Offline
Joined: 2006-11-08

Spiff is like a battered wife, "Billy Bob is a good man", every time he gives her a black eye. 

B24's picture
B24
Offline
Joined: 2008-07-08

Spaceman Spiff wrote:
I love this whole EDJ lied to us discussion in regards to revenue sharing and Hartford.
First, let me say that I respect both of your decisions to leave a company who you feel did something inappropriate.  
 
That doesn't mean I have to agree with you.  I just took a quick look at the 10-K filing for the Jones Financial companies all the way back to 1997.  Now, you're assertation is that EDJ lied to you.  Well, if that were to be true there wouldn't be any discussion at all about revenue sharing at all in those documents.  That is certainly not the case.  It's in there had you cared to look.  Truth was that back then virtually none of us knew what revenue sharing was, much less that it was such a large part of the EDJ bottom line.  If you looked at it in the 10-k you'd find it under fee revenue sources along with interest income, IRA fees, etc.  If you were really all that concerned about it after reading the 10-k you would have called Tom Miltenberger and asked what revenue sharing was.  Or you'd have called your RL and asked him.  The fact that you didn't doesn't mean that EDJ lied to you, it means that you weren't aware of it or didn't care about it.  There's a difference.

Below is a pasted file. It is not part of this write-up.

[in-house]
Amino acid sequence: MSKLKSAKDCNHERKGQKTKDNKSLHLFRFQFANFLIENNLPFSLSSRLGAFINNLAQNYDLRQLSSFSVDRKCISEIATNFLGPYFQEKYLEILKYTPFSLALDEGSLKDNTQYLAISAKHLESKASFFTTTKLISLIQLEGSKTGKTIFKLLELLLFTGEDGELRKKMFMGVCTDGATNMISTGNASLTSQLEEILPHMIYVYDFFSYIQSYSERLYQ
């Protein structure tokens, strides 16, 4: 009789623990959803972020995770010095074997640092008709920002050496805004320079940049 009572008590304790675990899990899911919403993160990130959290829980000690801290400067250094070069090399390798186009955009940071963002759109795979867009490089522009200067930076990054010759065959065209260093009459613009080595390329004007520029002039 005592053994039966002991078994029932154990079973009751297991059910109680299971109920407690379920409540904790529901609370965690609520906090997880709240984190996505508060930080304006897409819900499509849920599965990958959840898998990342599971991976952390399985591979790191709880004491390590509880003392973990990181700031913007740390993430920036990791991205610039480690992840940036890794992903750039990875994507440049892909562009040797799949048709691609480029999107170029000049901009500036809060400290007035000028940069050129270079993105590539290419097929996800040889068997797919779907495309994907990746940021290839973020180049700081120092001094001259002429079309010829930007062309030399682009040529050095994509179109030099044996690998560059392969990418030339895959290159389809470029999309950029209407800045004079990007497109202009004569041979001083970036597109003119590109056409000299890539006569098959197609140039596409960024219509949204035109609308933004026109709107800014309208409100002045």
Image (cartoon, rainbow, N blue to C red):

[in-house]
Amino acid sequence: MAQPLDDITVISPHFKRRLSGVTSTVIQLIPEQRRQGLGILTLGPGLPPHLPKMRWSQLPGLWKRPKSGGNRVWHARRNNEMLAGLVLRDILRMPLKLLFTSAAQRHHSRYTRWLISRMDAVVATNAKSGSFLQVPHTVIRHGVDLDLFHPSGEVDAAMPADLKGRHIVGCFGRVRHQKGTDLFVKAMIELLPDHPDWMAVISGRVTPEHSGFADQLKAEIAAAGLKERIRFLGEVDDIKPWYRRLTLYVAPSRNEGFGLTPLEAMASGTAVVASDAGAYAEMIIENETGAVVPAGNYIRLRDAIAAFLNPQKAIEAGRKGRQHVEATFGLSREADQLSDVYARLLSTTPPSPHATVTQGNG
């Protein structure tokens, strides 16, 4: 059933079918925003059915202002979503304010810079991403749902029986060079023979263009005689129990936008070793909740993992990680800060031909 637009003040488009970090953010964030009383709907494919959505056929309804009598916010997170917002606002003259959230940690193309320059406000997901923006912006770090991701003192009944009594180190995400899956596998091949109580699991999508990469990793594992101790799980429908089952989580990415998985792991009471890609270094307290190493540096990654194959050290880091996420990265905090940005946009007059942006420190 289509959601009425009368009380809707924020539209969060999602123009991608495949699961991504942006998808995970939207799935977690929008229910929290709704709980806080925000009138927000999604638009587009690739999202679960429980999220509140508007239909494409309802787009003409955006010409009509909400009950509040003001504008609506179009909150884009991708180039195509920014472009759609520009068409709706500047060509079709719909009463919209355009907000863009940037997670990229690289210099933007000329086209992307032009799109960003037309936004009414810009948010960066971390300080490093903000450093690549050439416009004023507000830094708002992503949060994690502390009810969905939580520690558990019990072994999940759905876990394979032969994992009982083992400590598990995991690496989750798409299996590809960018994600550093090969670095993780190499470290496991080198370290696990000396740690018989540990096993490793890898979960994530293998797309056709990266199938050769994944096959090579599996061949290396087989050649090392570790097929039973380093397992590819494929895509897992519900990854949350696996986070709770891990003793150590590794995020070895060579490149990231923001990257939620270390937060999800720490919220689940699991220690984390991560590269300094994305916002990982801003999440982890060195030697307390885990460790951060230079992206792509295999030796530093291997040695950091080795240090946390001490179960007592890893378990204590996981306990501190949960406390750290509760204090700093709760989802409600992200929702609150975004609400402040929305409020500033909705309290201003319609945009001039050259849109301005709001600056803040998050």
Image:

Now, you could make a valid argument that they should have told us why we had the preferred fund families.  But then most of didn't really care why, we were just happy that someone besides us was doing the due diligence on them.  I know, I know, part of the due diligence was will you pay us revenue sharing or not.  Those that passed both the performance/management hurdle and revenue sharing hurdle got to be on the list.  Now, that didn't mean that those were the only companies you could have done business with.  B24 (sorry to drag your name into this) has been very clear that he has done his own research and doesn't use all preferred funds.  You could have done that exact same thing.  That would have been good for clients, don't you think? 
 
But now, you no longer have to worry about that because the companies you've associated with don't do ANYTHING shady like that.  They don't do revenue sharing.  They ALWAYS tell you how they're spending the firms resources in complete detail. 
 
You might want to check this link out: http://lplfinancial.lpl.com/Disclosure/Conflicts_of_Interest.htm
 
or this one:
http://www.raymondjames.com/disclosure_mutual_funds_co.htm
 
or this one:
http://www.commonwealth.com/Investors/revenue_sharing.asp
 
I could go on with the cut and paste, but you get the point.  Participating in a common industry practice doesn't constitue lying to you, IMHO. 
 
Now the Hartford thing...I really wish they would have just told all of us that they made an investment in Hartford's mutual fund business from the get go.